About the Blog

God blessing Abel and Melchizedek, Basilica of San Vitale in Ravenna

We are made for love. Most everyone agrees that love is the true purpose of human existence. Yet human misery abounds, and human flourishing seems harder and harder to find.

We have forgotten the connection between love and truth. It is impossible to abide in love if we do not also abide in the truth. “Love rejoices in the truth” (1 Corinthians 13:6). If we are living a lie, love will not last.

Truth is objective and transcendent. We do not create it for ourselves. The ancient temptation of the human race, going all the way back our first parents, is to become like gods. In our age of relativism, so many people are defining for themselves what is love, what is truth, what is goodness, what is beauty. The damage has been substantial.

Therefore, at times, this blog will give answers to various threats to objective truth, which are ultimately threats to our freedom to love and flourish as human beings.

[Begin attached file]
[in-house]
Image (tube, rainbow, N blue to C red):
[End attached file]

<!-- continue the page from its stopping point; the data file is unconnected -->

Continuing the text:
But there is more. The truth is also subjective and personal. Seeing the truth is one thing; living it in personal integrity is another. Like Saint Paul, we often avoid the good that we desire and do the evil that we hate. That has been my story far too often!

I have come to discover that, while the truth is most definitely NOT relative, it is very much relational. It is only in healthy relationships with God, self, and others that we find ourselves able to integrate the truth and live it out in all its fullness. Isolated and alone we flounder and fail.

Healing happens in communion. As John tells us, God is love. He is a communion of persons. We are made in his image and likeness. Our eternal destiny is to see him face to face and become like him. We will only attain that eternal salvation, not as isolated individuals, but as one body in Christ, as branches abiding on the vine together and bearing fruit together.

I look forward to reflecting on what it means to abide in love and truth – including both the objective and subjective dimensions. On the objective side, I will bring in the wisdom of the ages in the fields of theology and philosophy, my two areas of academic expertise. On the subjective and relational side, I will share various lessons learned in my personal struggle to abide in love and truth – as well as lessons learned while accompanying others as a shepherd of the flock. Personal healing and healthy relationships will be a frequent theme. It is only in healthy relationships that we can become who we are by abiding in love and truth.